Surgeons in Denver are happily announcing a major break-through in infant cardiac transplants: using hearts from infants that have died of cardiac-related deaths. According to the Wall Street Journal,
Until now, it was thought that hearts from those donors were too badly damaged to be transplanted successfully. Only hearts from donors who were brain-dead — and whose hearts were still functioning after they were declared dead — have been considered suitable for transplant.
To make the donors’ hearts more viable, doctors at Children’s Hospital in Denver altered the standards for declaring the patients dead… The Denver researchers narrowed to as little as 75 seconds the time between when the donor was pronounced dead and when the heart was harvested. Current guidelines call for waiting up to five minutes as a way of making certain that the heart does not start beating again on its own. But removing the heart earlier increases the odds of a successful transplant since it limits the damage caused by a lack of oxygen to the organ.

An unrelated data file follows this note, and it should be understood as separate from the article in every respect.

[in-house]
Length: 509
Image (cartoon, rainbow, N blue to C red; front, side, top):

Most professional medical types I know, be they bioethicists, doctors, nurses, etc, agree that there are significant and severe problems with how transplants are handled in this country, and that we need to do something to increase the number of available organs…(continue reading)